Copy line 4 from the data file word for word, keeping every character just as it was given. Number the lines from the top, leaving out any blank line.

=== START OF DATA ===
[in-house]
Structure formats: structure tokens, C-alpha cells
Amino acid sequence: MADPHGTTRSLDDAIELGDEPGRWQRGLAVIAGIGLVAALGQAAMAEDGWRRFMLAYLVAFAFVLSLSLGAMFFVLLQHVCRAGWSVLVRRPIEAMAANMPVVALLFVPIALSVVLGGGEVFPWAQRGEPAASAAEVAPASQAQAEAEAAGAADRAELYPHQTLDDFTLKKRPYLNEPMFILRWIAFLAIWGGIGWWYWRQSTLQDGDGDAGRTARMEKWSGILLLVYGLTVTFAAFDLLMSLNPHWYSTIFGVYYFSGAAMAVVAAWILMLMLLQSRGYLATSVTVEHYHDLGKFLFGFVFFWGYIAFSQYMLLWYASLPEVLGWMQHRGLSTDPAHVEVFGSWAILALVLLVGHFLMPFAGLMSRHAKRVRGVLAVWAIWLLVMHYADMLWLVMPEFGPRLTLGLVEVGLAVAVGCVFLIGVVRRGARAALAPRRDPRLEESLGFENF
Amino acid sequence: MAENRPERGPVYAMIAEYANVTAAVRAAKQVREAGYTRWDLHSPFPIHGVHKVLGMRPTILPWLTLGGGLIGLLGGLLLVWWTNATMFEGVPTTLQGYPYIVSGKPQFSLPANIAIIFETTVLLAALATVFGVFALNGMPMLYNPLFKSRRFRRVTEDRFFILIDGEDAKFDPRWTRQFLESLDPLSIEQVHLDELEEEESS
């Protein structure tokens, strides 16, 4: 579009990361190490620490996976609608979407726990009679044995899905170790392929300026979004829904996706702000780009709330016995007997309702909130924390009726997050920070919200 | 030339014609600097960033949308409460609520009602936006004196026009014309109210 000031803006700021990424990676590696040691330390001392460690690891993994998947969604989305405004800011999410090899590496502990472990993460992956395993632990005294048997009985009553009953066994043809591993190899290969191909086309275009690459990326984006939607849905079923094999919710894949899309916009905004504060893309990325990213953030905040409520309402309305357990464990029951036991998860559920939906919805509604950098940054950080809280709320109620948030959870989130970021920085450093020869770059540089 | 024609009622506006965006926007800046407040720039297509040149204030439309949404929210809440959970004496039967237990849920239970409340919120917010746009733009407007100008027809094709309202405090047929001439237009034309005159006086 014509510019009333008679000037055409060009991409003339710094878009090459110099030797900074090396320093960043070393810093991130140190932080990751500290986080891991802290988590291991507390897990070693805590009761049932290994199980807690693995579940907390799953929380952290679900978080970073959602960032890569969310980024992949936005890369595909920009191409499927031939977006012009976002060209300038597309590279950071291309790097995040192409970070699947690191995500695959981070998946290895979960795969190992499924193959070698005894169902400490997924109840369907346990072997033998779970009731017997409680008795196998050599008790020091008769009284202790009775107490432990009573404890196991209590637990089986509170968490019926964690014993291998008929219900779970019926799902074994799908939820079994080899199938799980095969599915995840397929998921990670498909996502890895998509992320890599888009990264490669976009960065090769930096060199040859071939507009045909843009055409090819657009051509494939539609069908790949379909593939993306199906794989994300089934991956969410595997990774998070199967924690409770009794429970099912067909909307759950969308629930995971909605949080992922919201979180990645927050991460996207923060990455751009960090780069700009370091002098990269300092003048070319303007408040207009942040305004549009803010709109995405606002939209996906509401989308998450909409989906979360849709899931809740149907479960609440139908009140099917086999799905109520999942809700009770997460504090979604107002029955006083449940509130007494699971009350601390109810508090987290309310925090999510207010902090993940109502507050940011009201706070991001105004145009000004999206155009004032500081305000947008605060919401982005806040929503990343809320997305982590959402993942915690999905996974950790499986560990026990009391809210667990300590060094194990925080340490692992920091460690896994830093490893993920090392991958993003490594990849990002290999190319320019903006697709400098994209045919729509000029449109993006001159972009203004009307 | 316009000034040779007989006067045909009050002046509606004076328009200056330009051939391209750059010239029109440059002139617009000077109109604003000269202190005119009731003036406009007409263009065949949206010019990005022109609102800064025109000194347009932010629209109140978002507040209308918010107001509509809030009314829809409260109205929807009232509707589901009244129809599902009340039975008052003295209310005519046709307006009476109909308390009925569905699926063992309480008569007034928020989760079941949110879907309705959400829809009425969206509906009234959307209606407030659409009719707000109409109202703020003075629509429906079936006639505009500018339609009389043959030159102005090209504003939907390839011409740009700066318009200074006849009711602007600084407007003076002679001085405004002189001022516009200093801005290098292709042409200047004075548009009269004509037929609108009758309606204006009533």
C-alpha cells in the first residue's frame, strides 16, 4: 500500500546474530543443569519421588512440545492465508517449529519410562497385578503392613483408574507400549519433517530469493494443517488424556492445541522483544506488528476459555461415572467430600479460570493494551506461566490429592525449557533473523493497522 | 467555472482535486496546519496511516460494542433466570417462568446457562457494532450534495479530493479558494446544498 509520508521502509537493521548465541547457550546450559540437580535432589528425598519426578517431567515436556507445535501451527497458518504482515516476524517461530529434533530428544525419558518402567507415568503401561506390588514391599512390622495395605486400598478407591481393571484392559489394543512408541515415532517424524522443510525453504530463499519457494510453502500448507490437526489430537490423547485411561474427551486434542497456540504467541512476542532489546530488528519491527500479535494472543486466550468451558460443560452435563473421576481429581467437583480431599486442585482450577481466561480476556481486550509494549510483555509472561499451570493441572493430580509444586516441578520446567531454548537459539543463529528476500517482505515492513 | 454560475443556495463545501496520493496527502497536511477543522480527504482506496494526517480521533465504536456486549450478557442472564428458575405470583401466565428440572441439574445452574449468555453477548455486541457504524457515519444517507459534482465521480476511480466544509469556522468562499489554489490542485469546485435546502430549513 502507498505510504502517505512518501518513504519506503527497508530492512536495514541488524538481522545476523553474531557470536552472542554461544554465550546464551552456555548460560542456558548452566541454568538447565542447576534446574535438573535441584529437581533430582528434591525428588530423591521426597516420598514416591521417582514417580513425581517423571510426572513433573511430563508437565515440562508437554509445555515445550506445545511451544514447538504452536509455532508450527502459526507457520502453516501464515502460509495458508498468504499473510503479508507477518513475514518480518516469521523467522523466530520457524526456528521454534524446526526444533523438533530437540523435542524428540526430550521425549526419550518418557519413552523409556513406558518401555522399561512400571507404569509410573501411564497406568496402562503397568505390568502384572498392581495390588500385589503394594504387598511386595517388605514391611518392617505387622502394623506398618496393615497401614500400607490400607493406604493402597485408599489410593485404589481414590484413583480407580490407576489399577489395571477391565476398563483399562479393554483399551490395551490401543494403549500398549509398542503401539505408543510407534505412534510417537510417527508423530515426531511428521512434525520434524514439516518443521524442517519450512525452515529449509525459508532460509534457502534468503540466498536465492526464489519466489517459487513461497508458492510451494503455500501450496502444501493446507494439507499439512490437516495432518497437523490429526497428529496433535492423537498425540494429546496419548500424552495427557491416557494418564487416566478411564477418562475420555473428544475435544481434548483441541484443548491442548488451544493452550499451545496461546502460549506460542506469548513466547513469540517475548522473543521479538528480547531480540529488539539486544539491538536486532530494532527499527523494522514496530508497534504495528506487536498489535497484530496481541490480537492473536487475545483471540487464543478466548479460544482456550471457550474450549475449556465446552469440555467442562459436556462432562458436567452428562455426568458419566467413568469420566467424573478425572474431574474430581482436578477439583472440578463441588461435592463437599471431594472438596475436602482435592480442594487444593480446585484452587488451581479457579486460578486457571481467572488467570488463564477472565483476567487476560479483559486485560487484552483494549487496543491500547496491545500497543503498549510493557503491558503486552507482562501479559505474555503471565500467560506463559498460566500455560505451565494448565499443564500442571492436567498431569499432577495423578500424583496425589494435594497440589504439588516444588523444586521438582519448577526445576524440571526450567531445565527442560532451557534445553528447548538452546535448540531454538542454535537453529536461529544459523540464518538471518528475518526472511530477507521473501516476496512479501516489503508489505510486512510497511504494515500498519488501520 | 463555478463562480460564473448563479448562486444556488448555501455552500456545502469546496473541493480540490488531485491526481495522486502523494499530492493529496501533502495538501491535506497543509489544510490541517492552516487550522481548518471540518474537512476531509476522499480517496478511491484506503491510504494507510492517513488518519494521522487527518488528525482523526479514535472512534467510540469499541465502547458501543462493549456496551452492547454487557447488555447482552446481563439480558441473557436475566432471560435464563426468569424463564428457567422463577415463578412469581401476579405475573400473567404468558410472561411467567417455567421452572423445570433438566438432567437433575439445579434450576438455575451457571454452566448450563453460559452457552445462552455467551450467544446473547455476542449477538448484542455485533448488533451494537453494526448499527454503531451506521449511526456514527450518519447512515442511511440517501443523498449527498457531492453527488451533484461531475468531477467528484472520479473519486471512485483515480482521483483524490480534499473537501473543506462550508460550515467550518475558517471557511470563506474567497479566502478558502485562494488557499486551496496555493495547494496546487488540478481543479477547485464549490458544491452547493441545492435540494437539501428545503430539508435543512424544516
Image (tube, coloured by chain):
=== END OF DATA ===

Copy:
Amino acid sequence: MAENRPERGPVYAMIAEYANVTAAVRAAKQVREAGYTRWDLHSPFPIHGVHKVLGMRPTILPWLTLGGGLIGLLGGLLLVWWTNATMFEGVPTTLQGYPYIVSGKPQFSLPANIAIIFETTVLLAALATVFGVFALNGMPMLYNPLFKSRRFRRVTEDRFFILIDGEDAKFDPRWTRQFLESLDPLSIEQVHLDELEEEESS